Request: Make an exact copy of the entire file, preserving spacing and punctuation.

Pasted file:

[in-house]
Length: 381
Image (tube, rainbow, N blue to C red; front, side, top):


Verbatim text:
[in-house]
Length: 381
Image (tube, rainbow, N blue to C red; front, side, top):